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Should You Choose Term or Permanent Life Insurance?

Filed under: Insurance

Risk is a natural part of life, especially when it comes to your financial strategy. You face a wide range of risks every day, from the possibility of a decline in investment values to a career interruption to even a costly injury or illness. You can’t eliminate risk completely, but you can take steps to manage your risk exposure.

Death is the ultimate risk. While it may not be probable depending on your age or health, it certainly would have a major impact on your family, friends and finances. That’s especially true if you’re the primary financial provider for your spouse, children or other dependents. If you unexpectedly pass away, they could face significant financial challenges. If you own a business, your employees and business partners could suffer in the wake of your death.

Fortunately, you can use life insurance to minimize your family’s exposure to risk. Life insurance provides a tax-free lump-sum benefit to your designated beneficiaries. They can then use those funds to overcome financial challenges like debt or a loss of income.

A wide range of life insurance policies are available, but most fall into one of two categories: term or permanent. Both offer different types of coverage for different objectives. If you’ve never purchased life insurance before, you may be overwhelmed by your choices. Below is helpful information on both types so you can purchase the policy that best aligns with your goals:

Term Insurance

Term insurance provides temporary life insurance protection for a limited period of time. The available durations usually range from 10 years up to 30 years. You choose the term when you purchase the policy. Generally, the longer the term, the higher your premium will be.

Your premium remains level during the policy’s term. As long as you pay the premiums, your death benefit remains in effect. When the term is expired, you can let the policy lapse and stop paying premiums. You also may have the option to continue the policy, though the premiums may be recalculated to reflect your older age. Some insurers also offer the opportunity to convert the term policy to a permanent policy. Again, though, you will likely pay higher premiums to reflect your age and the fact that the policy is now permanent.

Keep in mind that your term policy won’t accumulate cash value. While term policies are generally more affordable than comparable permanent policies, you don’t get your premiums back after the term ends.

You may want to consider a term policy if you’re on a tight budget and have a limited insurance need. For example, you may only want coverage while you have minor children in the home. Or perhaps you’re required to carry an individual policy as a condition of a new mortgage. Term insurance can be a cost-effective tool to meet these needs.

Permanent Insurance

As the name suggests, permanent insurance is life insurance that lasts for the remainder of your life, assuming you pay the required premiums to support the policy. Some policies do have an end date on which they simply pay out the cash value regardless of whether you have passed away or not. Those end dates are usually at age 100 or later, however, so few people actually reach them.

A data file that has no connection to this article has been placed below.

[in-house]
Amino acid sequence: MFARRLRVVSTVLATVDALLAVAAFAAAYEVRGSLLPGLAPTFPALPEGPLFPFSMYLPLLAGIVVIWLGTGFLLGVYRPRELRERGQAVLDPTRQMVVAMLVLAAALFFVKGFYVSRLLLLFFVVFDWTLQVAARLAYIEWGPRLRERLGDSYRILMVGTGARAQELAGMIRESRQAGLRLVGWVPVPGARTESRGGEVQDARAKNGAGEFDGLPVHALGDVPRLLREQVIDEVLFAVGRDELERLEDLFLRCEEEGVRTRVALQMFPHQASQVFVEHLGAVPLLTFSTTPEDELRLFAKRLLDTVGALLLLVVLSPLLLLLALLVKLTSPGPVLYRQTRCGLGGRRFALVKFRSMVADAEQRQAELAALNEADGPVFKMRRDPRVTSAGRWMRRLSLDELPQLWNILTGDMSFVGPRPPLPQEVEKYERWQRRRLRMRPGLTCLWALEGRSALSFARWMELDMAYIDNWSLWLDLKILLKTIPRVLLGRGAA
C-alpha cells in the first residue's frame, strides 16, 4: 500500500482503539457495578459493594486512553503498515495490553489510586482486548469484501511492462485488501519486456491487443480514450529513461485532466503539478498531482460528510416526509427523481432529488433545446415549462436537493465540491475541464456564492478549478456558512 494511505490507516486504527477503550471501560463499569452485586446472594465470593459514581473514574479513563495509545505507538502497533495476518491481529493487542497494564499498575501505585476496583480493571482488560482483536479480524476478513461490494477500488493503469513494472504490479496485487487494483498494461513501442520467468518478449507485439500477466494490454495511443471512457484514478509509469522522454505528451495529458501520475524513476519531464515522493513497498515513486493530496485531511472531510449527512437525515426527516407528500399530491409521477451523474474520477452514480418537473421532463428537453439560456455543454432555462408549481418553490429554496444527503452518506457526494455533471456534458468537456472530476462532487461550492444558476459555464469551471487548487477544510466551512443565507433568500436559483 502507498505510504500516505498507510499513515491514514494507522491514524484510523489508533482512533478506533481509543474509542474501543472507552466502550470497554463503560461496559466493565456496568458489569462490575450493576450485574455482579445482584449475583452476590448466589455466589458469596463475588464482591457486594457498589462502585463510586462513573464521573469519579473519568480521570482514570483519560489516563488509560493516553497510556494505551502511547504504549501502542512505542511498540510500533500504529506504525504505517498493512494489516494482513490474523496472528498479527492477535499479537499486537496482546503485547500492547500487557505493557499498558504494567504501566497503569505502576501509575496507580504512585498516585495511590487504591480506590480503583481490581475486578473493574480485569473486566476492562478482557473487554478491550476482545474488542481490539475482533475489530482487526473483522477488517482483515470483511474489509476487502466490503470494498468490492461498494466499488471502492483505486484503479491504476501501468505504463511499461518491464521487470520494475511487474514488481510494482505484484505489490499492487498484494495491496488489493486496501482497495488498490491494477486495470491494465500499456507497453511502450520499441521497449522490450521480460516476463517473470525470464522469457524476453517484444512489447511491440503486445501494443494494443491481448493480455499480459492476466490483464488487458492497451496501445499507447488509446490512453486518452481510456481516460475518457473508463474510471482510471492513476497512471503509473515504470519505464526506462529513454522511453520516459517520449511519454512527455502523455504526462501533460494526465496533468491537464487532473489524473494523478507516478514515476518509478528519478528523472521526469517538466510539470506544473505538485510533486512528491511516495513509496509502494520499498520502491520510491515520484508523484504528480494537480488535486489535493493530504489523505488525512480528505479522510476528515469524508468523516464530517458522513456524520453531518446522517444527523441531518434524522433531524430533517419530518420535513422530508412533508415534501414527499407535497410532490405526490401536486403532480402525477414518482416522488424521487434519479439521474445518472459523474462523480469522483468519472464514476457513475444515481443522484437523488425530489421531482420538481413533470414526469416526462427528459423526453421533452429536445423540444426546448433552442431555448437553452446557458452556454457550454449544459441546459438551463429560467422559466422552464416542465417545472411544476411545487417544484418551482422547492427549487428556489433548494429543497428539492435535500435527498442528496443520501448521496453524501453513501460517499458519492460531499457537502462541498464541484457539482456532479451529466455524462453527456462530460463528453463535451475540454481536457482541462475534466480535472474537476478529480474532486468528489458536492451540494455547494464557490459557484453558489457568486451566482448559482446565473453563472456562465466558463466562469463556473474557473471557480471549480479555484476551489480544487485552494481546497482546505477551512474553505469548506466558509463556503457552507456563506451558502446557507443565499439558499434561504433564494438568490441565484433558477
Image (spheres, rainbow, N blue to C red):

Another big distinction between term and permanent is that a portion of your premiums toward a permanent policy goes to a cash value account. The money in that account grows on a tax-deferred basis, and you can even use it in the future as supplemental income or to buy additional coverage. The type of growth depends on your type of policy. Some policies pay interest or dividends, but others, such as variable universal life policies, allow you to invest your cash value in the market.

Permanent insurance is a great option when you have an indefinite coverage need. For instance, perhaps you want to leave money for your spouse or children, no matter your age when you pass away. Or maybe you own a business that will need liquidity after your passing.


Ready to develop your life insurance strategy? Let’s talk about it. Contact us today at Ambrose Financial & Insurance Services. We can help you analyze your needs and choose the coverage that’s right for you. Let’s connect soon and start the conversation.



Licensed Insurance Professional. This information is designed to provide a general overview with regard to the subject matter covered and is not state specific. The authors, publisher and host are not providing legal, accounting or specific advice for your situation. By providing your information, you give consent to be contacted about the possible sale of an insurance or annuity product. This information has been provided by a Licensed Insurance Professional and does not necessarily represent the views of the presenting insurance professional. The statements and opinions expressed are those of the author and are subject to change at any time. All information is believed to be from reliable sources; however, presenting insurance professional makes no representation as to its completeness or accuracy. This material has been prepared for informational and educational purposes only. It is not intended to provide, and should not be relied upon for, accounting, legal, tax or investment advice. This information has been provided by a Licensed Insurance Professional and is not sponsored or endorsed by the Social Security Administration or any government agency.

17963 – 2018/9/4